Chrysler Sebring Problems

RepairPal has identified the most common problems with the Chrysler Sebring as reported by actual vehicle owners. We'll tell you what the problem is and what it'll take to fix it.

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Known Problems

Sensor failure inside the distributor can cause intermittent stalling or a failure to start. In addition, the wires to the distributor are susceptible to internal damage, which can cause the same symptoms.

Intermittent problems with the radio can typically be solved by updating the radio software.

There have been reports of premature head gasket failure; an updated gasket design is available to correct this problem.

A squeak heard while turning the steering wheel may indicate that the rubber boot seal on the steering shaft needs some trimming and lubrication.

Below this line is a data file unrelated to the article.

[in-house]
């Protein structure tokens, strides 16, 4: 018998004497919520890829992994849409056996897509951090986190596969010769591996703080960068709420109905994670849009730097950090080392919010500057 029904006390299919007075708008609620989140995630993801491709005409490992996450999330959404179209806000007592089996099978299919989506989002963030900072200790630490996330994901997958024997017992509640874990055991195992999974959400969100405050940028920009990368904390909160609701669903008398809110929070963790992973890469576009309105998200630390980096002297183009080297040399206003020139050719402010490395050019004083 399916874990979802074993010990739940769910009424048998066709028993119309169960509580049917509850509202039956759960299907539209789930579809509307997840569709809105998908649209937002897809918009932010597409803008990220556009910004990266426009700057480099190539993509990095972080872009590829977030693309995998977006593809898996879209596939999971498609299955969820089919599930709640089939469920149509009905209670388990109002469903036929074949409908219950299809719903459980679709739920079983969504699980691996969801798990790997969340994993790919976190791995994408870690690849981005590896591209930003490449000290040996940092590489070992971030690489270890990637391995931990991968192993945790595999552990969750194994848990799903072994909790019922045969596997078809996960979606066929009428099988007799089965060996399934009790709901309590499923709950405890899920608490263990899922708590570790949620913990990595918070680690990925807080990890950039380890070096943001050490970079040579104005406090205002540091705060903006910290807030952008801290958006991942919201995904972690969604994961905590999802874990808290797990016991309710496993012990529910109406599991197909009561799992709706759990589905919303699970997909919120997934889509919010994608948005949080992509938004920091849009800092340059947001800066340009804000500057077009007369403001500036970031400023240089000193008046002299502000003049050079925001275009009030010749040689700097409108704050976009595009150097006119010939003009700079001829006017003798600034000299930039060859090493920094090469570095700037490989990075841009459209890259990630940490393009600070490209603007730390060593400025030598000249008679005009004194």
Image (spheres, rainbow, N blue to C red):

An engine Oil leak may develop at the cam sensor o-ring seal. Our technicians tell us this is often misdiagnosed as an external head gasket leak.

A damaged oil pump (possibly caused by interference with the AC compressor bracket) can also cause a knocking noise from the engine compartment; a modified bracket is available from Dodge.

When the outside temperature is above 90° F and the AC is running, a knocking noise from the engine compartment may be heard, especially when the vehicle is stopped or idling. This is commonly caused by a failing AC compressor assembly which will require  replacement.

A rattle from the rear of the vehicle may indicate that the rear shock absorbers are defective. Updated shocks are available; however, careful inspection of all suspension components should be performed before any parts are replaced.

A defective EGR valve can cause a popping or knocking noise from the engine compartment. It is usually heard when the engine is warm (between 1600 and 1800 RPM).

The automatic transmission can develop problems like erratic shifting, rough shifting, or delayed gear engagement. Repairs for many of these problems are outlined in service bulletins.